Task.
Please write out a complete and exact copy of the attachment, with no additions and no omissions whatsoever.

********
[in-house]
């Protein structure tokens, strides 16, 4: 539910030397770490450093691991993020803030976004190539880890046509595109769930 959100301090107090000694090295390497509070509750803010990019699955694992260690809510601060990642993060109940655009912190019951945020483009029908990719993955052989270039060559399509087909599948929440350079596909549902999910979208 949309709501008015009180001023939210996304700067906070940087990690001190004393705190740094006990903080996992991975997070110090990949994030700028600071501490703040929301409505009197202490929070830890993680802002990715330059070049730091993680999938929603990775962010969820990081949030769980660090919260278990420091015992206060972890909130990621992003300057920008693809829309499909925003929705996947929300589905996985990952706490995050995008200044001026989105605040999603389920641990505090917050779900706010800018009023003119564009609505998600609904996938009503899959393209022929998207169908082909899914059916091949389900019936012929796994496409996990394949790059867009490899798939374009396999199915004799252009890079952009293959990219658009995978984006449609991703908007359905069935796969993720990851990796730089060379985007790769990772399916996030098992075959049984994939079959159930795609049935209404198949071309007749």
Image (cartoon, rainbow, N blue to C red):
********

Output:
[in-house]
């Protein structure tokens, strides 16, 4: 539910030397770490450093691991993020803030976004190539880890046509595109769930 959100301090107090000694090295390497509070509750803010990019699955694992260690809510601060990642993060109940655009912190019951945020483009029908990719993955052989270039060559399509087909599948929440350079596909549902999910979208 949309709501008015009180001023939210996304700067906070940087990690001190004393705190740094006990903080996992991975997070110090990949994030700028600071501490703040929301409505009197202490929070830890993680802002990715330059070049730091993680999938929603990775962010969820990081949030769980660090919260278990420091015992206060972890909130990621992003300057920008693809829309499909925003929705996947929300589905996985990952706490995050995008200044001026989105605040999603389920641990505090917050779900706010800018009023003119564009609505998600609904996938009503899959393209022929998207169908082909899914059916091949389900019936012929796994496409996990394949790059867009490899798939374009396999199915004799252009890079952009293959990219658009995978984006449609991703908007359905069935796969993720990851990796730089060379985007790769990772399916996030098992075959049984994939079959159930795609049935209404198949071309007749």
Image (cartoon, rainbow, N blue to C red):